Skripal attack: Bellingcat names second Salisbury suspect

An extensive investigation was launched into the nerve agent attack in Salisbury in March

When the British government indicted two Russians last month for the near-fatal poisoning of former Russian spy Sergei Skripal and his daughter, Yulia, in March, the two men they named as the attackers, Alexander Petrov and Ruslan Boshirov, went on Russian TV to assert they were just tourists who just happened to be in Salisbury the same day as the poisoning. Amy Kellogg has the story.

The second of two Russians who Britain says poisoned former Russian spy Sergei Skripal and his daughter has been named as a military doctor for Russian intelligence by a United Kingdom investigative website.

"At least 5 different residents told our reporter that Alexander Mishkin, who they knew worked in Murmansk or in Moscow "as a military doctor", had received the Hero of Russian Federation several years ago", the report said.

Dr Mishkin was then recruited by the secretive GRU, where he was given the undercover identity of Alexander Petrov. He and his daughter Yulia were found slumped on a public bench in Salisbury, and the British authorities said they were sickened by a Soviet-made nerve agent.

Last month, Bellingcat named the first suspect in the poisoning scandal as Anatoliy Chepiga.

The reported naming of the second Novichok suspect is the latest embarrassment for Putin's intelligence services after a bungled cyber attack was exposed by Dutch investigators last week.

The second man believed to be behind a nerve agent attack in Salisbury, England, has been identified as a Russian military doctor.

Mr Grozev said the reporters from the Russian website The Insider had managed to reach Mishkin's home village of Loyga, where they spoke to seven people who confirmed his identity.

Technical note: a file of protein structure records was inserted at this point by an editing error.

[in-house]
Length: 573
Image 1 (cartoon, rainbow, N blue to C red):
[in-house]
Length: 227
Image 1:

Both survived after weeks in critical condition, but Dawn Sturgess, a woman who authorities said came in contact with the poison after her boyfriend found a fake perfume bottle containing it, died in July.

Bellingcat said that sources who knew Mishkin's family said they believed he had been given the award for actions in Crimea, or for being part of a special forces unit that helped Ukraine's pro-Russian leader Viktor Yanukovych flee the country after he was toppled from power.

The suspects were identified as GRU agents and Theresa May said their actions were not a "rogue operation" and would have been approved at a senior level in Moscow.

Bellingcat said he made multiple trips to Ukraine.

The Kremlin has denied any involvement in the attack and previously dismissed photos linking Chepiga to the GRU, but issued no comment when asked about the findings released about Dr Mishkin.

Four Russians allegedly attempted to hack into the headquarters of the Organisation for the Prohibition of Chemical Weapons (OPCW) in the Hague in the wake of the Salisbury attack.

Bellingcat cross-referenced this information with other leaked databases, including a vehicle insurance database which identified the same man as the driver of a Volvo registered to the GRU headquarters.

The West has accused Russia's military intelligence agency of running what it described as a global hacking campaign, targeting institutions from sports anti-doping bodies to a nuclear power company and the chemical weapons watchdog.